Honda Is Turning its Back on F1 as They Look to Invest in Carbon-Free Tech

Image by bernardsie from Pixabay

Honda has decided to wrap up its Formula One engine program and put the money they invest in it to the acceleration of the adoption of carbon-neutral technologies.

The Japanese have set a goal to electrify two-thirds of its global car sales by 2030, and their F1 program just doesn’t fit anywhere on these plans. Obviously, spending roughly $164 million a year to develop competitive F1 technology isn’t helping their business plan in any way, so pulling the plug is the only way to go right now.

Honda is one of the most successful engine manufacturers in Formula 1 and one of the historically most involved. Single-seaters powered by Honda engines have seen the checkered flag first 75 times, while the company won an F1 championship with its own team in 2006. So, they are considered among the best in the field, along with Cosworth, Renault, Mercedes, and Ferrari. In the current F1 lineups, Honda supplies the two Red Bull racing teams with engines, on a deal that expires in 2022.

The scenario of jumping to the Formula E championship has also been ruled out, as the COVID-19 situation is simply leaving a very small financial margin to play with. Carmakers just can’t continue to throw money in the motorsports pit, and this is the time to reconsider, restructure, and get a lot more efficient.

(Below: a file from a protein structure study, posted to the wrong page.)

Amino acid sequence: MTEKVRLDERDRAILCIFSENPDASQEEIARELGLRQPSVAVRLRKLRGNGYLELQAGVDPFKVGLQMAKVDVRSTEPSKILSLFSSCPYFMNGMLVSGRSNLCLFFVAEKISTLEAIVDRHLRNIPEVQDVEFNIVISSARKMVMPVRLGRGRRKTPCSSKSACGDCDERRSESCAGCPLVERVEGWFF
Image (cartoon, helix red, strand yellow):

In the end, Honda would need a substantial initial investment to compete with the likes of Nissan, Mercedes, Audi, Porsche, BMW, DS, and Jaguar, who are already taking part in the all-electric championship. Until they managed to catch up to speed with these brands they would only get negative publicity from poor finishing positions in return, so why even bother?

This announcement comes as a shock to both F1 and Honda fans, but it may actually be the canary on the mine of the F1 championship. The tightening economics do not longer allow car manufacturers to experiment with technologies that are starting to get overly disconnected from the current automotive market reality.

Bianca Van der Watt

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